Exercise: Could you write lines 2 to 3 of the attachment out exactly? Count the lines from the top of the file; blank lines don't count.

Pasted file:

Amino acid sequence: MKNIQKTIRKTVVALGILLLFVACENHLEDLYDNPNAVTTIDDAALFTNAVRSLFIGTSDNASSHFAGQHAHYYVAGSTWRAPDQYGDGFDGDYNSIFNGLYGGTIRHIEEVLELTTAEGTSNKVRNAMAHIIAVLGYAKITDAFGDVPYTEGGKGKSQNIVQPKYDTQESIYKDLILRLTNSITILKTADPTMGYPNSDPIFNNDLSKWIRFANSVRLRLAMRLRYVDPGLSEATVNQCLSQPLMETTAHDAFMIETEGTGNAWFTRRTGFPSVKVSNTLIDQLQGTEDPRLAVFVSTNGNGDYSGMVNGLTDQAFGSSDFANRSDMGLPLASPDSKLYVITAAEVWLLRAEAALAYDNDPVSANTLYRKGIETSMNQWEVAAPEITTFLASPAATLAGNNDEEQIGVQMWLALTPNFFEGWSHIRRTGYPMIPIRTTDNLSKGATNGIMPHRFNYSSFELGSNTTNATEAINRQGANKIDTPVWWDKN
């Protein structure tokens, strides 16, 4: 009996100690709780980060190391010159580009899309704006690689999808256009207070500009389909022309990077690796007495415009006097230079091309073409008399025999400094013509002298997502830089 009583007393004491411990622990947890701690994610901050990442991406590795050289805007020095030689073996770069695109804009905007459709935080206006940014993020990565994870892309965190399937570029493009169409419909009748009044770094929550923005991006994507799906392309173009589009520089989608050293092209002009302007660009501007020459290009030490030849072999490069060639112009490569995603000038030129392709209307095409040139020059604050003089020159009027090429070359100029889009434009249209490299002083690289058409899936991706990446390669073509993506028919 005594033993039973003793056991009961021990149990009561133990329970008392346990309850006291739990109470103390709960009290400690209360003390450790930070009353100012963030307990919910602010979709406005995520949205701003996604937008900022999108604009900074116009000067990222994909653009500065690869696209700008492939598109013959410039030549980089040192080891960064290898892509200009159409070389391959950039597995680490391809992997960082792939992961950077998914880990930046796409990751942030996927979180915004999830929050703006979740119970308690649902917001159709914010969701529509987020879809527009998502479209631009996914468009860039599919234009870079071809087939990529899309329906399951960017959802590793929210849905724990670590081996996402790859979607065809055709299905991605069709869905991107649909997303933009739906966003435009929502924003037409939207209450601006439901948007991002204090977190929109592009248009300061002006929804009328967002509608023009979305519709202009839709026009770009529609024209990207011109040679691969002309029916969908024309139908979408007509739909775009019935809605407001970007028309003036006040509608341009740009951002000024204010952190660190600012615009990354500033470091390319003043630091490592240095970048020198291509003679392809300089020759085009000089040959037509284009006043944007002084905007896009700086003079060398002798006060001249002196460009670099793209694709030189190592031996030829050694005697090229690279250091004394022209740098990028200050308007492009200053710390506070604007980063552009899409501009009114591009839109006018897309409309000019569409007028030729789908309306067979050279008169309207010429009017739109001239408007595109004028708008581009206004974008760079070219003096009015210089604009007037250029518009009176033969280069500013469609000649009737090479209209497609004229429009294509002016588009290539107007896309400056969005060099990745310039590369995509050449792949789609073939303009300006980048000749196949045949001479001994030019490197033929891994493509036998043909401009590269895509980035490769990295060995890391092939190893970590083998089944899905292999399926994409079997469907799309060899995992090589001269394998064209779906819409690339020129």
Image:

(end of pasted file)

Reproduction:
């Protein structure tokens, strides 16, 4: 009996100690709780980060190391010159580009899309704006690689999808256009207070500009389909022309990077690796007495415009006097230079091309073409008399025999400094013509002298997502830089 009583007393004491411990622990947890701690994610901050990442991406590795050289805007020095030689073996770069695109804009905007459709935080206006940014993020990565994870892309965190399937570029493009169409419909009748009044770094929550923005991006994507799906392309173009589009520089989608050293092209002009302007660009501007020459290009030490030849072999490069060639112009490569995603000038030129392709209307095409040139020059604050003089020159009027090429070359100029889009434009249209490299002083690289058409899936991706990446390669073509993506028919 005594033993039973003793056991009961021990149990009561133990329970008392346990309850006291739990109470103390709960009290400690209360003390450790930070009353100012963030307990919910602010979709406005995520949205701003996604937008900022999108604009900074116009000067990222994909653009500065690869696209700008492939598109013959410039030549980089040192080891960064290898892509200009159409070389391959950039597995680490391809992997960082792939992961950077998914880990930046796409990751942030996927979180915004999830929050703006979740119970308690649902917001159709914010969701529509987020879809527009998502479209631009996914468009860039599919234009870079071809087939990529899309329906399951960017959802590793929210849905724990670590081996996402790859979607065809055709299905991605069709869905991107649909997303933009739906966003435009929502924003037409939207209450601006439901948007991002204090977190929109592009248009300061002006929804009328967002509608023009979305519709202009839709026009770009529609024209990207011109040679691969002309029916969908024309139908979408007509739909775009019935809605407001970007028309003036006040509608341009740009951002000024204010952190660190600012615009990354500033470091390319003043630091490592240095970048020198291509003679392809300089020759085009000089040959037509284009006043944007002084905007896009700086003079060398002798006060001249002196460009670099793209694709030189190592031996030829050694005697090229690279250091004394022209740098990028200050308007492009200053710390506070604007980063552009899409501009009114591009839109006018897309409309000019569409007028030729789908309306067979050279008169309207010429009017739109001239408007595109004028708008581009206004974008760079070219003096009015210089604009007037250029518009009176033969280069500013469609000649009737090479209209497609004229429009294509002016588009290539107007896309400056969005060099990745310039590369995509050449792949789609073939303009300006980048000749196949045949001479001994030019490197033929891994493509036998043909401009590269895509980035490769990295060995890391092939190893970590083998089944899905292999399926994409079997469907799309060899995992090589001269394998064209779906819409690339020129």
Image: